In the five decades since the 1960s, anti-military sentiment has become much more mainstream. It is no longer unusual to see celebrities and other public figures decry the numerous conflicts in which the U.S. is entangled. The dream of martial glory has been so tarnished by our conflicts that generations of Americans have grown up without a collective desire to go to war. The Rice Theatre Program and Rice Players’ production of “Dogfight,” however, is intent on returning us to a time when military service was venerated, in order to look back at the horror and indecency that accompany it. Though the play is a tremendous display of Rice’s acting and musical talent, its content leaves many troubling issues unresolved.
Adapted by Peter Duchan from the 1991 film of the same name, “Dogfight” tells the story of a group of rowdy, testosterone-filled marines about to ship out for Vietnam from San Francisco in 1963. The marines decide to play the titular game on their last night in the U.S., in which the man who brings the ugliest girl to a party wins a cash prize. The play is primarily concerned with “The Three Bees:” Birdlace, Boland and Bernstein, best friends because they lined up together in training. Birdlace convinces Rose, a lonely, somewhat homely San Francisco native, to accompany him to the party. She, of course, eventually finds out why she was invited and gets understandably upset. This is where the play fails to deliver on its early themes: Rather than learning a lesson through Rose’s rejection, Birdlace gives a poor apology and the play moves on to their short romance. Ultimately, one regrets that the play did not more strongly tackle the negative social consequences of military worship and the toxic masculinity of which the dogfight is emblematic.
Despite issues with the script, the Rice Theatre Program and Rice Players’ production features some of the best acting and musical talent that its producers have to offer. Will Rice College junior Kaitlyn Zoeller is amazing as Rose – both her singing and acting display great range, and she hits the emotional beats of the play with a tremendous sincerity. Birdlace, played by Will Rice College sophomore Will Grimme, also has an incredible voice and handles the darker moments of the play well, but has a harder time with some of the more lighthearted scenes. It is much easier to believe his performance in the portions of the play that take place after Vietnam than the portions of the play when he is supposed to be having fun with his fellow marines. Jones College senior Justin Bernard, who portrays seven diverse characters, is another standout, if only for his versatility and charisma. However, the play is at its most powerful during its many ensemble songs, when the cast’s varied singing abilities are balanced by some incredible harmonies and live accompaniment from backstage.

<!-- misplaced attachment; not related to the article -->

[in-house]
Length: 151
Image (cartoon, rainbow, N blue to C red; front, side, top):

“Dogfight” is also assisted by the Theatre Program’s typically inventive set design and costuming. The set consists of some doors, stairs and a miniature replica of the Golden Gate Bridge, but clever staging turns these into a coffee shop, a club, a bedroom, and the whole of San Francisco. Costumes feel realistic and appropriate for the time throughout, even down to undergarments (which are displayed during several on-stage costume changes). The whole effect is on sparkling display during the dogfight scene, when lighting switches between a lounge singer (Bernard) judging women from the bridge and the rest of the cast dancing below.
The production effort falters only in sound design, where systematic issues make some lines inaudible. As “Dogfight” is a musical and the whole cast is mic-ed, the sound mix is at times uneven for spoken lines, especially for Bernstein (played by Wiess College sophomore Johnathon Berry) and Boland (played by Martel College junior Alan Kim). At times, it appears that mic levels are being adjusted between singing and speaking on the fly, and the effect is slightly disconcerting.
“Dogfight” is an enjoyable spectacle, but only if you can distance yourself from the troubling themes it leaves unresolved. The production and talent on stage do much to create a comfortable distance, but in the end Rose and Birdlace’s relationship has too many issues to ignore. The play, which premiered in 2012, seems unconcerned with dealing with Birdlace’s abusiveness toward Rose, the marines’ casual misogyny or any number of other issues that could be more impactful than the improbable story of their love. Though I do not understand why the Rice Theatre Department and Rice Players chose to produce this musical, they have certainly made a magnificent version of it. I would recommend it to anyone who can look past the play’s troubling themes.